“I was totally smitten to see a dog do unbelievable things in the field that he clearly was designed to do,” Barrow said. “Then I saw this community who cared so much about the dogs. After that I was hooked.”

But taking Clancy back-and-forth from Boston to New York for training made it impractical for Barrow to work with her dog. So she moved to Maine and found a new trainer to better pursue her new sport. 


Then in 2016, Clancy was bred and Barrow got Bailey from her dog’s litter – and doubled down on learning to compete with her new dog. 

In 2019, Barrow and Bailey competed for the first time and won two field trials. Two years later, they collected the national amateur title.

“That Camie won the first trial she ever entered is extraordinary,’” said Kit Barrow, who now lives in Florida. “The trainer then told me, ‘You’re learning a lot, but Camie has got a talent for it.’ She seems to have an innate sense of what the dog might do, and how to handle it correctly.”

Professional trainer Jim Keller at Wildwind Kennels in Knox, who Barrow now works with, said Barrow and Bailey moved as one through the field finding pheasants at the national amateur in New York last fall, while other experienced handlers came unglued.

“At the national championship, both Camie and Bailey were in the zone. You could just tell,” Keller said. 

Keller taught Barrow much about dog psychology, and how to look for signs her dog is failing, either physically or mentally. Barrow embraced all of it.


“The thing about Jim’s program, he focuses a lot on the fundamentals. He doesn’t overload the dogs with competitions until they’ve really understood the concepts,” Barrow said. “You can really mess a dog up. Dogs respond to pressure and praise differently.”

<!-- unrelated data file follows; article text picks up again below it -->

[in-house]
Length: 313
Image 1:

Jim Keller and Camie Barrow talk before taking Bailey, a 6-year-old springer spaniel, on a training run. Ben McCanna/Staff Photographer

Barrow’s keen awareness of her dog was evident in the fourth of five land drills at nationals when Bailey was antsy, looking left and right, everywhere but at Barrow, who stood in front of her dog. Barrow calmly walked him off the start, which was an unconventional way to refocus her dog. 

“I literally walked him around the judge, and it looked like we were leaving,” Barrow said. “I could see Jim shaking his head. But then I cast him off and on a section of the field where so many dogs bombed out, he put up two birds. We were in and out.”

This fall, Barrow and Bailey collected a second-place finish and earned the gunner’s award in September at the Maine Spaniel Field Trial Club event in Dresden. And she plans once again to compete in the national amateur championship, this year in Utah. It’s extremely rare for a dog to win the national title twice, but Barrow said the title is not the point.

“It is all about the dogs,” Barrow said. “Honestly, one of the things I love about dogs – they are a good barometer for me. If I’m being strong and confident, they are more likely to respond to me than if I’m being wishy-washy and unclear. So much good has happened to me because of dogs.”